3.2. Pathology and Endoscopic Features

The diagnosis of the disease mainly relies on pathological examination. Some patients are diagnosed due to “acute abdomen” undergoing surgical resection of the intestinal segment biopsy, other patients depend on endoscopic biopsy. Commonly used endoscopic biopsies include enteroscopy, gastroscopy, and colonoscopy. A small portion of cases makes a definite diagnosis by a biopsy of extraintestinal organs and tissues. Enteroscopy is an expensive and invasive procedure, and difficult to operate, which is not the preferred endoscopy for disease diagnosis. In the early endoscope stage of MEITL, the main manifestations are ulcers of different depths, with no special forms, which caused most of them were misdiagnosed as Crohn’s disease or intestinal tuberculosis. The middle and late ulcers deteriorate into penetration and develop into large and deep ulcers, where the surface is uneven, the bottom is covered with white moss and around the ulcer as insect eroding, normal mucosa could be observed between the ulcers, and intestinal tube with ulcers are obviously edema and thickened, but generally no intestinal stenos is [12]. The pathogenesis of MEITL may be related to glucan enteropathy and EB virus infection but the specific mechanism is unknown [13]. In this case, EBER (−), but human anti-glutenin antibodies (AGA) could not be determined due to lack of technology. MEITL is a rare type of lymphoma that originates from intestinal T lymphocyte. Immunohistochemically, tumor cells are CD3+, CD5−, CD4−, CD8+, CD56+, CD30−, and EBER− [14].

3.3. Treatment

There is currently no standardized treatment. Some scholars believe that surgery can remove lesions, reduce tumor burden, avoid bleeding and perforation, but the rate of curative resection is low and postoperative complications are common. Another part of the reports suggests that surgery combined with chemotherapy or chemotherapy alone would be the first choice. The most commonly used chemotherapy for MEITL in previous reports of domestic and foreign is anthracyclines and CHOP [15] or R-CHOP (rituximab, cyclophosphamide, doxorubicin, vincristine, prednisone) [14]. A few reports have tried other therapy such as gemcitabine instead of anthracyclines [14], hyper-CVAD (cyclophosphamide + doxorubicin + vincristine + dexamethasone/methotrexate + cytarabine) [4] and Polyethylene glycol combined with asparaginase [16], etc. Some patients have a survival period that exceeds the expected median survival, but the efficacy remains to be confirmed by more cases. In this case, the patient is mainly treated symptomatically, chemotherapy is recommended after pathological diagnosis, but treatment is abandoned because of poor prognosis. Currently all treatments for MEITL patients show low survival rate, which require more research to find out innovative therapies, such as transplantation, targeted drug and autologous stem cell transplantation after high-dose chemotherapy may be a better option for MEITL treatment [17].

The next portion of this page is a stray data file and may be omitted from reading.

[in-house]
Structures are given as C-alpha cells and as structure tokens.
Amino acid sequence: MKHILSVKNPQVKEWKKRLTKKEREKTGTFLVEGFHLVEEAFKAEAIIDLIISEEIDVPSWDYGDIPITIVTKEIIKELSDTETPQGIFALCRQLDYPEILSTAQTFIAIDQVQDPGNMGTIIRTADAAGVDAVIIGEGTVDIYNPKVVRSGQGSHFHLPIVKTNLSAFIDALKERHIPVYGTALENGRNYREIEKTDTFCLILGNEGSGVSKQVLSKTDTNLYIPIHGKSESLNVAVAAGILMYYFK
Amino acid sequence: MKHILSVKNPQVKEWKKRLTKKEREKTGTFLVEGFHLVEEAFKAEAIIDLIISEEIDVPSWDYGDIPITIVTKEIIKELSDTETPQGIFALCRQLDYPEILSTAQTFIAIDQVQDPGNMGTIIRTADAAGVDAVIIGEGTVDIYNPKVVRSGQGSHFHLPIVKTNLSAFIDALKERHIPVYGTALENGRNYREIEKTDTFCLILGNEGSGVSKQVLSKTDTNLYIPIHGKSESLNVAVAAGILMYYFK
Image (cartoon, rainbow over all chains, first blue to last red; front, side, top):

4. Conclusion

In summary, because of the low incidence and difficulty to distinguish from Crohn disease, intestinal tuberculosis and other types of lymphoma of the gastrointestinal tract, MEITL is hard to diagnose and treat in time. It invaded and progressed rapidly, with poor response to current treatment, resulting in a bad prognosis. During the diagnosis, it should be highly suspected to be MEITL if the patient has unexplained refractory diarrhea, pulmonary cavities, intestinal perforation, no efficacy after long-term conservative treatment and is combined with multiple ulcers of the intestine and systemic symptoms. Then active biopsy should be combined with immunohistochemistry, and the results are recommended to obtain a comprehensive judgment to avoid missed diagnosis or misdiagnosis.


*Corresponding author.

Conflicts of Interest

The authors declare no conflicts of interest regarding the publication of this paper.